On Justice and Forgiveness

I had the privilege of hearing Rachel Den Hollander speak yesterday as part of Calvin College’s January Series. Her talk, “A Time to Speak: Addressing Justice and Forgiveness,” reminded us that Justice and Forgiveness are aspects of God’s character, so misrepresenting them or misapplying them misrepresents God.

Den Hollander is uniquely qualified to address this topic, as the first person to file charges against now-convicted sports doctor Larry Nassar. Not only was she molested by Nassar in her teens, she was molested by a church leader when she was just seven, so she has experienced two institutions – MSU and her church — that failed to pursue justice.

She noted the paradox within the biblical commands that we pursue justice (Micah 6:8, Isaiah 1:17) and extend forgiveness (the Lord’s prayer, “forgive us our trespasses as we forgive those who trespass against us,” Matthew 6:12): justice demands that an evildoer is punished, yet forgiveness means relinquishing the claim for retaliatory punishment. How can we do both? Because, she explained, forgiveness is personal, while justice is objective. When I forgive, I give up what’s personal to me. In contrast, justice is outside of me, conforming to an outside standard. That objective standard doesn’t disappear just because I forgive.

Thus, she has been able to forgive Larry Nassar while agreeing that he should remain in prison for the rest of his life. She said she hopes Nassar gets to a point of “brokenness,” so he can experience God’s mercy; but for the safety of society, given the nature of pedophilia, he needs to be in prison. She lamented again that the media focuses only on her expression of forgiveness towards Nassar, and omits her call to pursue justice.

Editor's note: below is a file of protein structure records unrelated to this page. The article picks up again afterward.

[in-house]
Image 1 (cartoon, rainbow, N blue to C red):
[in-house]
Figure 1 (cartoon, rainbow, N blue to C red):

Quoting from two Christian luminaries, Martin Luther King, Jr., and C.S. Lewis, she observed that justice pursues what is right—not what’s popular, or expedient. God sets the standard for what is right; if we lose that, we lose justice: “It’s wrong to me because it’s wrong to God.” One way of mischaracterizing justice is to preach forgiveness without justice, as if forgiveness is a substitute for justice. She suggested that only in Christianity can there be forgiveness without minimizing evil.

In response to an audience question, she also offered advice to leaders on how to deal with allegations of abuse within their institutions, such as churches. She said victims need to feel safe; as victims of abuse, they have lost both their “voice and their choice,” so they will not come forward unless they feel assured that they will regain both. So victims are watching leaders’ response to allegations of abuse; if leaders minimize or ignore allegations—or disparage the accuser—other victims will not speak up. It was just a year ago this week that Den Hollander and scores of other survivors spoke at the sentencing hearing for Dr. Larry Nassar, a situation that exemplifies the failure of leaders to respond appropriately to abuse allegations.

Rachel den Hollander is a woman on a mission. She never sought this spotlight – contrary to John Engler’s comment, I’ll bet she’d rather stay home with her four young children than travel the country speaking out against sex abuse –, but she is uniquely gifted to do this, especially to call the church to be the church. We need to listen to her. I’m glad I got the chance to do that.

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